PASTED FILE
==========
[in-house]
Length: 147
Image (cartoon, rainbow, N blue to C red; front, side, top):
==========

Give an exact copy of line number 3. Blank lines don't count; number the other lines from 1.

Image (cartoon, rainbow, N blue to C red; front, side, top):